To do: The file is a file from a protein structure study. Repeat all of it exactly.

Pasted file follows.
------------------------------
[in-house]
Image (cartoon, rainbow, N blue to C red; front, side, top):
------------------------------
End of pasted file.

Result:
[in-house]
Image (cartoon, rainbow, N blue to C red; front, side, top):